2 THEORETICAL FOUNDATION

2.1 Theory of the Firm and Stakeholder Theory.

The theory of the firm began with the emergence of economic science in the 18th century, which took as its main reference the study of Adam Smith on the origins of the wealth of nations. Throughout the 20th century, several studies, in particular that of Coase (1937) on transaction costs, enriched and developed the theory of the firm.

As with other microeconomic theories, the theory of the firm establishes profit maximization as its goal. However, profit maximization requires a more specific definition, such as if it is accounting or economic and short or long-term, among other characteristics. Jensen (2001) clarifies that, for economists, the objective of the firm should be to seek maximization of the long-term market value, resulting from the ability to generate cash over time. Maximizing the company’s value maximizes the shareholder’s wealth.

The main framework for stakeholder theory has normally been attributed to the work of Freeman from 1984 (Frooman, 1999; Barnett, 2007). According to Coombs and Gilley (2005), the most employed definition for the term stakeholder in the literature is that proposed by Freeman (1984) in which the stakeholder is any individual or group that may affect the achievement of the organization goals or that is affected by the process of searching for these objectives. Freeman (1984) also states that stakeholders are groups that have a legitimate right regarding the organization. However, variations in the definition of the term have been recorded, some of which are broader, such as that of Mitchell, Agle, and Wood (1997), and others that are less comprehensive, such as that of Clarkson (1995), according to which the company should consider the primary stakeholders of greater importance and relegate secondary stakeholders to the background.

Some dimensions are attributed to stakeholder theory. For Donaldson and Preston (1995), this theory exhibits three dimensions: descriptive, instrumental, and normative. The descriptive dimension is revealed when the company uses the model to represent and understand its relationships and roles in external and internal environments; the instrumental dimension is evidenced when the model is used as a management tool for administrators; and the normative dimension emerges when management recognizes the interests of all the stakeholders, bestowing them with intrinsic importance. The normative dimension of this theory supports the objective function of the company. Initially, this dimension was based on Clarkson (1988), who indicated that the purpose of a company is creating and distributing wealth to the primary stakeholders. Subsequently, Evan and Freeman (1993) formulated the most commonly referenced definition, according to which the real purpose of a company is to serve as a vehicle to coordinate the interests of the stakeholders. In the descriptive dimension, the theory should explain how the managers can identify and classify the stakeholders to manage them. In this regard, Mitchell, Agle, and Wood (1997) state that characterizing only primary and secondary stakeholders is not sufficient for this purpose, and they establish a typology to reveal the salience of the stakeholders, classifying them according to the three following attributes: power, legitimacy, and the urgency of their claims. Through the instrumental dimension, the theory postulates that the firm will have superior performance if the normative precepts are employed (Berman et al., 1999). Jones (1995), for example, suggests that companies with relationships supported by trust with their stakeholders develop a competitive advantage over other companies.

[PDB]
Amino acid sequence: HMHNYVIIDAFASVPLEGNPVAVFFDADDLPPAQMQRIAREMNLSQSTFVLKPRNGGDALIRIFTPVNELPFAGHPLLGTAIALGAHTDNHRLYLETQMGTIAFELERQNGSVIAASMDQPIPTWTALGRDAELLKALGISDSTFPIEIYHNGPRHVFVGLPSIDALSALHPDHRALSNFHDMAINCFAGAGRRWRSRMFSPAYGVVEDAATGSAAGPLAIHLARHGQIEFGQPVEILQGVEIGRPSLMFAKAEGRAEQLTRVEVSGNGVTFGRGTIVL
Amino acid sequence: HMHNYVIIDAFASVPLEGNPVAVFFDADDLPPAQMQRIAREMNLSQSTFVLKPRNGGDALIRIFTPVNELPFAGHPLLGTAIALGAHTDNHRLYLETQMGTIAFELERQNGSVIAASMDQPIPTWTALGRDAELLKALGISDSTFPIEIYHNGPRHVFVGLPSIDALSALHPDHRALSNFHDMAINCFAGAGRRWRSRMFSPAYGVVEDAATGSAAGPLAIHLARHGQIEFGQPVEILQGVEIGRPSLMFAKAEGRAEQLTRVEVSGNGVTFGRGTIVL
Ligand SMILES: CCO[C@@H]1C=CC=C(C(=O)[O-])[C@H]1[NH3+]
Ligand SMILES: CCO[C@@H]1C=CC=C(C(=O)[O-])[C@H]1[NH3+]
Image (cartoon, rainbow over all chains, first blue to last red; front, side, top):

One of the main counter positions of the two theories is related to the objective function of the firm. The theory of the firm proposes that the objective of the company is the maximization of shareholder wealth, while the stakeholder theory indicates that the objective of the company is to coordinate the interests of the stakeholders. There are several arguments to support each side. From the point of view of the firm, according to Sundaram and Inkpen (2004), the other parties associated with the company that are not shareholders (customers, employees, suppliers, and customers) are protected and benefit from contracts and legislation, which is not the case for shareholders. Meanwhile, according to stakeholder theory and Campbell (1997), it is not possible for companies to survive without delivering value to important stakeholders, and in this regard, although the shareholders have some different rights from the other stakeholders, this does not provide them with an imbalanced right to receive company benefits. This controversy constitutes a broad debate in academia, with no consensus (Silveira, Yoshinaga, & Borba, 2005; Marcon, Bandeira-De-Mello, & Alberton, 2008; Boaventura, Cardoso, Silva, & Silva, 2009).

The consequences of these counter positions are obvious in empirical studies that analyze CSP and CFP. More specifically, these studies reveal that there is an alignment of the firm’s objective with CFP, according to the theory of the firm, and with CSP, according to stakeholder theory.

2.2 Corporate Financial Performance: Concept and Measurement.